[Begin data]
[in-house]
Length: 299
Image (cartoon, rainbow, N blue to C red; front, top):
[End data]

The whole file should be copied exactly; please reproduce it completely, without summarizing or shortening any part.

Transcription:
[in-house]
Length: 299
Image (cartoon, rainbow, N blue to C red; front, top):